303 International Law and Organizations The sources and nature of international law. Concern for current legal issues such as the use of force, human rights, war crimes, outer space, ecology, and international organizations, both general and economic.Case law course. Offered in alternate years.
307 Constitutional Law I: Judicial Review and Constitutional Interpretation The Constitution governs the relations between the executive branch and Congress and the federal government and the states. But is a Constitution more than a set of rules?; who has the ultimate authority to interpret it?; and how should it be done? With these questions, we interrogate the classic cases of Calder v. Bull,Marbury v.Madison,McCulloch v.Maryland, Missouri v.Holland, and Roe v.Wade among others. Offered in alternate years.
308 Constitutional Law II: The First Amendment and American Democracy (AV) What is the purpose of the First Amendment? Is it to promote democracy, individual expression, or an open marketplace of ideas? We use these three rationales to explore the Supreme Court’s case law beginning with Justice Holmes’ dissent in Abrams v.United States. Issues addressed include hate speech legislation, campaign finance reform, state regulation of television, and the advocacy of terrorism. Offered in alternate years.
315 Classical Political Thought: Democracy in Athens and America (IT,W) This course uses Thucydides’ History of the Peloponnesian War, the dialogues of Plato, and the plays of Sophocles and Aristophanes to examine the values and ideals of Athenian democracy. The American case is used to spur debate. Issues addressed include: the rules of war, realist and constructivist views of power, and the merits of democratic participation. Offered in alternate years.
316 Modern Political Thought: Liberalism, Religion, and the Nation State (IT,W) This class uses the defining texts of modern political theory—Hobbes’ Leviathan, Locke’s Second Treatise on Government, and Rousseau’s On the Social Contract—to develop a working definition of liberalism. Problems that plague the application of liberal principles are raised as we address the conundrum of voluntary servitude, the shifting basis of the social contract in consent and reason, the claim that property is a pre-political right, the distinction between negative and positive liberty, and the role of religion in public life. Offered in alternate years.
317 American Political Thought: Three Political Traditions (IT,W) American political ideals often express a liberal commitment to individual freedom, but a republican commitment to citizen independence and ascriptive commitments to particular ethnic and religious traditions have also characterized mainstream political ideology in the United States. This class assesses the claim that the liberal tradition dominates American politics. Offered annually.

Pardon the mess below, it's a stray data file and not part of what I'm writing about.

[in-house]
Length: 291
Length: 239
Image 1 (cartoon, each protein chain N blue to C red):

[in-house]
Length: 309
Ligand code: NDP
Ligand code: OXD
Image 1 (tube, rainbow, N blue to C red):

318 Schools and Sects in the Study of Politics (IT) This seminar course covers many influential writings in political science in order to examine why we ask the questions we ask and why we tend to look for the types of evidence we often gather.We read these texts paying at least as much attention to the theoretical and epistemological approaches used as to the substance of the findings and conclusions. Several short papers are required. Offered in alternate years.
320 Latin American Politics This course compares the political systems of Central and South America.At the domestic level, the course reviews the theoretical debates of comparative politics and applies them to the nation states of the lower Western Hemisphere. The international dimension receives equal attention, with time devoted to issues such as regional security, economic integration, migration, and the expansion of NAFTA. Empirically, the course concentrates on several of the “newly-industrializing” countries such as Mexico and Brazil, as well as several of the smaller states of the Americas. Offered in alternate years.
321 International Politics of east asia (G) This course examines various issues of international politics of East Asia, including the rise of China, the security dilemma in East Asia, the Sino-Japanese rivalry, the challenges of North Korea’s nuclear weapons program, the role of regional security institutions, the East Asian Economic Miracle, the Asian financial crisis, and East Asian regionalism. Prerequisite: PSCI 102 or consent of instructor. Offered in alternate years.
325 Conflict Areas The focus will be on both the sources and the nature of conflict in the various areas of the Third World: Africa, Latin America, Asia. Offered in alternate years.